Tag

Afro-Latino Archives - Page 2 of 2 - Institute of the Black World 21st Century

Neymar da Silva Santos Júnior, center, celebrating a goal with his teammates during Brazil’s World Cup match against Serbia on Wednesday.

Is Neymar Black? Brazil and the Painful Relativity of Race

By Editors' Choice

Ever since his “It’s not like I’m black, you know?” comment, Neymar has served as a focal point in Brazil’s cultural reckoning with racism, whitening, identity and public policy. By Cleuci de Oliveira, New York Times — Years before he became the most expensive player in the world; before his Olympic gold medal; before the Eiffel Tower lit up with his name to greet his professional move from Barcelona to…

Read More
Brazilian rapper Nega Gizza attends the launching of her bid for the country's October elections in Rio de Janeiro, Brazil May 8, 2018

Afro-Brazilian Candidates Seek to Prolong Marielle’s Legacy

By News & Current Affairs

They represent Favela Front of Brazil, a political movement attempting to unify the voting power of favelas and other poor black neighborhoods historically overlooked and underrepresented in Brazilian politics. By teleSUR — Let’s have a round of applause for our companion Marielle, who was one of our greatest supporters in this process,” Afro-Brazilian filmmaker Anderson Quack, who is running for Congress, told a cheering crowd of nearly 200 people assembled late Tuesday…

Read More

Special Features on April 16th Edition of Vantage Point — Dr. Ron Daniels

By Vantage Point Radio, Video/Audio

Featured Topics: The Amazing National Black Writers Conference, Medgar Evers College; Another Report on the Newark As Model City Initiative; Report Back From Afro-Descendant Conference in Venezuela. Guests: Dr. Brenda Greene, Executive Director, Center for Black Literature, Medgar Evers College/CUNY, Brooklyn, NY; Dr. Charlene Sinclair, Director for Reinvestment, Center for Community Change, Washington, DC; Yvette Modestin, Founder/ Executive Director, Encuentro Diaspora, Boston, MA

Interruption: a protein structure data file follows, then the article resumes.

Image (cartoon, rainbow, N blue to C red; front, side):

Read More
President Maduro and Danny Glover at the signing of the UN decree at the Casa Amarilla in Caracas.

A Report on the Afro descendants Gathering in Venezuela

By Commentaries/Opinions

President Maduro and Danny Glover at the signing of the UN decree at the Casa Amarilla in Caracas. Pres. Maduro to host International Reparations Conference By Yvette Modestin (Lepolata Aduke) — “Soy Afro, mi gente, Soy Afro, Afrodescendiente” This song of pride to be an Afro descendant in Venezuela became the song of all who joined them on this journey to uphold the Bolivarian message. Afro descendants from the US,…

Read More
Epsy Campbell Barr 

Costa Rica Just Elected Its First Black Female Vice President

By News & Current Affairs

Epsy Campbell Barr is the first black, female vice president in Latin American history. Epsy Campbell Barr has just made history. The Costa Rican economist, politician and author is the first black person and the first woman ever to become vice president in her country, and the first black woman to do so in Latin American history. Campbell Barr, who is one of the founders of the ruling party Citizen Action…

Read More